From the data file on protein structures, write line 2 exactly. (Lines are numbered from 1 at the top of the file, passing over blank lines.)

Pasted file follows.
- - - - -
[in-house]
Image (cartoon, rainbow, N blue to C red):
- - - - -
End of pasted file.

Image (cartoon, rainbow, N blue to C red):